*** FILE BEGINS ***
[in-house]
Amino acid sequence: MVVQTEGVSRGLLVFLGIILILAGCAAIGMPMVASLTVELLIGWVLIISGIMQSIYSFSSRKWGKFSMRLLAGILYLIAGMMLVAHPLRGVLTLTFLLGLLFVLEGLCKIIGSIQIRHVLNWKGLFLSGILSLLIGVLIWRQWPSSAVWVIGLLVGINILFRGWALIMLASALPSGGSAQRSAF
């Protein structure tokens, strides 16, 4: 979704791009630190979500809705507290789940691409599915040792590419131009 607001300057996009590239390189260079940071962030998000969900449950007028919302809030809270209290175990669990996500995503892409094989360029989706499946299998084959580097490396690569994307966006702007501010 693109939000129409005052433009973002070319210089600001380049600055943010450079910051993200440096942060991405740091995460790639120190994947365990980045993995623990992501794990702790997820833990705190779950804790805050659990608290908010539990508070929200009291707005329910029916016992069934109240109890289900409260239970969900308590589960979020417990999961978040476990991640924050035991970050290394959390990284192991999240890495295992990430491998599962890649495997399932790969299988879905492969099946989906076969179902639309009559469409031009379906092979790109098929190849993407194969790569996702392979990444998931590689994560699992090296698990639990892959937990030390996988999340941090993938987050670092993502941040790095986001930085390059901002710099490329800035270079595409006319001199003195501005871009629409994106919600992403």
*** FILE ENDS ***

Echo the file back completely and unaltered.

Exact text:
[in-house]
Amino acid sequence: MVVQTEGVSRGLLVFLGIILILAGCAAIGMPMVASLTVELLIGWVLIISGIMQSIYSFSSRKWGKFSMRLLAGILYLIAGMMLVAHPLRGVLTLTFLLGLLFVLEGLCKIIGSIQIRHVLNWKGLFLSGILSLLIGVLIWRQWPSSAVWVIGLLVGINILFRGWALIMLASALPSGGSAQRSAF
């Protein structure tokens, strides 16, 4: 979704791009630190979500809705507290789940691409599915040792590419131009 607001300057996009590239390189260079940071962030998000969900449950007028919302809030809270209290175990669990996500995503892409094989360029989706499946299998084959580097490396690569994307966006702007501010 693109939000129409005052433009973002070319210089600001380049600055943010450079910051993200440096942060991405740091995460790639120190994947365990980045993995623990992501794990702790997820833990705190779950804790805050659990608290908010539990508070929200009291707005329910029916016992069934109240109890289900409260239970969900308590589960979020417990999961978040476990991640924050035991970050290394959390990284192991999240890495295992990430491998599962890649495997399932790969299988879905492969099946989906076969179902639309009559469409031009379906092979790109098929190849993407194969790569996702392979990444998931590689994560699992090296698990639990892959937990030390996988999340941090993938987050670092993502941040790095986001930085390059901002710099490329800035270079595409006319001199003195501005871009629409994106919600992403």